At a packed airplane hangar in Hagerstown, Trump made his entrance by helicopter as the theme from the film "Air Force One" boomed. Speaking without notes, he zigzagged between topics, decrying the "phony business" of politics in one breath and provoking vociferous chants of "build that wall" in another.
Trump encouraged the crowd to express its disdain for a scrum of journalists in the room to capture the event. "You're all liars!" one man shouted at the reporters. Another interrupted Trump at one point by screaming: "Obama is a terrorist!"
It was a thrilling scene for Josh Valentine, 20, and Steve Eichelberger, 27, Maryland friends who met while working at McDonald's. Eichelberger said he and several family members recently registered to vote for the first time to cast ballots for Trump, drawn by his pledge to bring jobs back from overseas and his "politically incorrect" style.
"We've had predicable for the last 200 years," said Valentine. "[Trump] is doing his own thing. He speaks what's on his mind."
But some Trump supporters acknowledge that if he toned down his demeanor, it might help him win draw in new constituencies.
"I have mixed feelings about it," said Dana Stevenson, 54, who attended a rally in West Chester, Pa., with her fiance, Don Mimm. "I like that he speaks his mind. But sometimes I don't know why he says the things he says."
"A lot of my friends don't like him because of the way he comes across," said Stevenson, who works in technology. "My dad won't support him because of the way he talks."
Added Mimm, a business owner: "I don't like defending him. It would be nice if, instead of defending him, we could talk about his policies."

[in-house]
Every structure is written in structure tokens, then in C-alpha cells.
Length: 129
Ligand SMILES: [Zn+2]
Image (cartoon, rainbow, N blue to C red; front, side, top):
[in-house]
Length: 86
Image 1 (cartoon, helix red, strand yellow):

That appears to be the goal of Trump's newest top advisor, longtime GOP operative Paul Manafort, who recently assured wary members of the Republican National Committee that the campaign would be altering its presentation to appeal to more voters. In another sign that Trump is looking to make his maverick run a little more traditional, he recently opened a campaign office in the suburbs of Washington.
But embracing the establishment is a risky move for a candidate who has sold himself as an outsider.
"If he becomes more like the establishment candidates, what does that mean?" said Bill Carrick, a Democratic strategic. "You could lose the one thing you've been selling, which is authenticity."
Kelleher said she hopes Trump remains an outsider. "Washington isn't voting for him; we're voting for him," said Kelleher, who described herself as a tea party activist.
But she and other fans said it's OK if he starts calibrating his comportment.
Craig Lee, 52, an insurance agent in Front Royal, Va., said he thinks Trump's brash style on the campaign trail is all "part of an act."
And Lee is OK with that. "He's doing what he needs to do, and if he's elected he will tone it down," said Lee, who read Trump's book "Art of the Deal" in the 1980s and has been a fan ever since.
He admires that Trump is savvy enough to keep people interested: "He's a master at staying in the media."